Uniform stain for Pine wood


I'm presently working on a laminated Pine table top that I would like to stain but cannot get the stain to be even colored. The wood sealer and wood conditionner did not give good results. The wood was properly sanded and prepared but still end up with dark and light laminated boards that do not match. Is there anyhing I can use before the stain in order to unify the color of the stain? Thanks,
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You need to use a wood conditioner with pine to get a even finish.
Al

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Didn't read the post, did you?

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Well yeah I did, I found you had to use one for pine. Maybe its the type of pine or the type of conditioner that he is having troubles with I don't know.
Al

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On Wed, 10 May 2006 21:26:44 -0400, "carol dufour" <

I've been using clear Minwax oil first on spruce/pine - let "dry" for a day or so. This seems to even out the different absorbtion rates in the wood. Then the colored oil or gel stain. Several coats if I want a darker look.
Or if the piece looks good with the clear oil, that's all it gets.
Pete
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Hi Carol, Conditioner at it's best will reduce or prevent blotching ( uneven staining on a given area of a given board). It will not make two adjacent boards take stain the same way. If you want to do that you have to "tone" ( a form of painting) the pieces. Generally this is done by first putting on a clear coat and then applying the stain over the clear coat. Spraying is the normal way of applying the stain. Cheers, JG
carol dufour wrote:

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Newbie suggestion/question:
Would a water based stain give better results?
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No... and it will raise the grain.
She needs to use a "toner"....
RayV wrote:

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You are stuck with a few choices:
(1) Finish with a spray can of "toner" to even things up. (2) Gel stain will do a similar but not as good a job as option 1. (3) Burn the table top and start again.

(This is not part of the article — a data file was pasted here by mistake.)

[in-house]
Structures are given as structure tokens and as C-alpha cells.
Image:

Toner acts like a "painted" finish and will cover the entire project with a very fine mist of color if done correctly.
You can buy toners here: http://www.woodfinishsupply.com/BehlenAerosol2.html
and many other places that sell finishing materials.
You can also learn to mix your own and spray it yourself.
carol dufour wrote:

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Gel stains work fine on most. The problem with pine is uneven absorption. So, sanding can be important. Sand to 220. Shellac is a wonderful conditioner, glue size works as well. It cases the absorption of stain to be even. Always test over and over before doing the whole thing. I never found the water based conditioners very good. You should raise the grain with water if using water based finish otherwise try sealing with 1/2# cut shellac. You can use orange shellac dilluted if you want the orange color otherwise blond or other nearly clear shellac. Shellac flakes last the best. Then stain, then finish. You can dry brush as well which is taking a nearly dry brush and brushing over a blotchy area trying to blend with a non blotchy area, and even out color. Sometimes works great. MB R
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What color are you trying to stain it?
Dave
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Hi, Thank you for your responses. The color of the gel stain is Cherry. After many attempts, I finally found a way with the conditionner which gave more acceptable results. Thank you all,

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